Lost London – Blackfriars Priory

The London area of Blackfriars – centred on Blackfriars Railway Station – takes its name from the former Dominican friary (known as the “black friars” thanks to their dark robes) which stood on the site.

The Dominicans first came to England in the 1220s and soon took up residence in Holborn. But the limitations of that site led them to move to a new location between Ludgate and the River Thames in the latter part of the 13th century. There, they constructed a substantial priory.

The priory subsequently played an important part in London’s civic and religious life – Parliament and the Privy Council is known to have met here and in 1529, a hearing was held here with regard to the divorce of King Henry VIII and Catherine of Aragon.

It was also a place of burial for the wealthy and influential – among those buried there was the beloved wife of Edward I, Eleanor of Castille (at least her heart was – her body was buried at Westminster Abbey).

The priory was dissolved in 1538 during the Dissolution. The Blackfriars Playhouse was built on the site during Elizabethan times and the Apothecaries Company also took up residence there. Those of the original buildings that survived were destroyed in the Great Fire of 1666. In more recent times, the area became the site of Blackfriars Railway Station.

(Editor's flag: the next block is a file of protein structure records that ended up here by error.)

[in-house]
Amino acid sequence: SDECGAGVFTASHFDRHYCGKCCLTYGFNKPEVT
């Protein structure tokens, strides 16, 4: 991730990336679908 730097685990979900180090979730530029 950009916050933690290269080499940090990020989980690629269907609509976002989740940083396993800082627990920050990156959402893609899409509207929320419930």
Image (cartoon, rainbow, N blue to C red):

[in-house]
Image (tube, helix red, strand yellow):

A reminder of the area’s origins can be found on the facade of The Black Friar pub (1875) which sits opposite Blackfriars Bridge at the western end of Queen Victoria Street (pictured). There you can see a statue of a black friar, the work of Henry Poole which dates from around the beginning of the 20th century. There is also a plaque commemorating the friary in nearby Carter Lane.

Curious London Memorials – 3. Charing Cross

Another royalty-related memorial, the Charing Cross – located outside Charing Cross railway station – is actually an embellished Victorian replica of one of a series of medieval memorials the apparently heartbroken King Edward I had erected in memory of his wife, Eleanor of Castile.

The original cross, which was originally located in the south of Trafalgar Square at Charing, was one of 12 built between 1291 and 1294 to mark the nightly resting places of the Queen’s funeral procession as it made it way from Lincoln to Westminster Abbey where she was buried.

The Queen had died at Harby near Lincoln in 1290 while on her way to meet her husband in Scotland. The original monument was demolished in 1647 by Parliamentary order. A plaque on the site indicates it is the point from where all distances on road signs to London were measured.

Only three of the original 12 crosses still stand – at Waltham Cross, Northampton and Geddington – although some remnants of others can be seen. Another London cross – in Cheapside – was demolished in the mid 1600s.

The Victorian era replica outside Charing Cross station dates from 1865. It was unveiled last year following a five year restoration project.